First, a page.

Not responding to a client’s inquiries, on the other hand, could reflect a lapse in ethics as well as courtesy. Someone might say, “I haven’t heard from my lawyer in four months. Nothing is happening on my case, my calls aren’t being returned and my letters aren’t answered.” That, said DeHart, raises “questions about whether the case is being diligently handled.”

Not every error or oversight by an attorney is an ethics violation, he noted.

“Somebody could go to the Registry of Deeds and do a title search and simply miss something,” said DeHart. “It’s not a matter of ethics — someone simply made a mistake.”

Bob Varney, a Wolfeboro attorney and part-time district court judge, recalls a suit he filed recently that had him involved in a conflict of interest.

“I had the case going when the lawyer representing the other fellow calls on the phone and says, ‘Varney don’t you know your partner drew up the deed on which (your client) is suing?’” His firm missed that connection in its conflict check, he said, because the earlier transaction had been filed under the name of the real estate broker, rather than the seller of the property.

“I had to withdraw immediately, with apologies all around,” said Varney who was a member of the Professional Conduct Committee from 1992 to 2002.

Even an honest mistake can contribute to popular anti-lawyer sentiment, he observed. “Someone might say, ‘I went into that office and had the deed drawn and now they’re suing me.’ Even if it’s not technically an offense, it does lead to us not being a beloved profession.”

Easing the burden

There are, however, serious allegations of willful misconduct the committee must consider, often involving complex issues and long hours of hearings.

PCC member Stephen Stepanek recently chaired a hearing involving eight days of testimony on a complaint against a Portsmouth attorney who had the deed to a elderly client’s Rye Beach home transferred to him as payment for past and future services.

“It was a complicated matter of whether there was undue influence involved,” said Stepanek, a retired businessman and state representative from Amherst. Now in his third year on the committee, Stepanek said the most interesting case he has heard involved an attorney who had helped a client incorporate an Internet firm involved in overseas trading. The attorney wound up as president of the firm and the client was fired, he said. “That one involved offshore accounts in the Cayman Islands and Zurich,” Stepanek recalled. “It was a very fascinating case.”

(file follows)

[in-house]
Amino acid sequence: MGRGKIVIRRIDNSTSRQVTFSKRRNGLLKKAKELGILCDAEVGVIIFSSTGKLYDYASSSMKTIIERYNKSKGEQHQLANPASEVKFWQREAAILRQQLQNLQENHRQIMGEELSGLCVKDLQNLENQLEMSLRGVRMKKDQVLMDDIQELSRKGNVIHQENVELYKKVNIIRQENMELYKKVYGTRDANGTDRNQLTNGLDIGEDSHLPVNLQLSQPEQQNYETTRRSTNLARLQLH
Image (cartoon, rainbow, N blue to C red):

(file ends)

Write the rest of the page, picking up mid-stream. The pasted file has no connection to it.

The committee recommended a six-month suspension of the attorney’s license. The appeal is pending before the Supreme Court.

“It’s not uncommon to have two or three days of hearings” on a single complaint, said Concord attorney Margaret Nelson, who chairs the PCC. “I just think the nature of the practice is more complex. You’re dealing with issuance of securities, probate court matters, very complex divorce issues.”

In scheduling hearings, she added, “we try to work around everyone’s calendars and schedule things as needed.”

With additional staff, more volunteers and separate committees for screenings and hearings, cases should move more quickly through the new Attorney Discipline System, Nelson said. Having a disciplinary counsel to present the complaint to the hearings panel should give all sides “a better idea of what the charges are and how to confront them,” she said. “We’re hoping to make the process fairer and more efficient for everybody.”

For more information about the Professional Conduct Committee or in applying as a volunteer in the new Attorney Discipline System, visit the New Hampshire Supreme Court Web site at